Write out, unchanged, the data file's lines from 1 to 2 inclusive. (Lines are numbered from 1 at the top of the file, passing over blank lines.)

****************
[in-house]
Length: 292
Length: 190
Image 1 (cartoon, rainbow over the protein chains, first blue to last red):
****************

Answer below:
[in-house]
Length: 292